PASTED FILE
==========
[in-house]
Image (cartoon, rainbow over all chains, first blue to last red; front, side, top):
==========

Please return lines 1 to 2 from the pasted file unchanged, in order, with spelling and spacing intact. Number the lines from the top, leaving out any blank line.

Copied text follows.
[in-house]
Image (cartoon, rainbow over all chains, first blue to last red; front, side, top):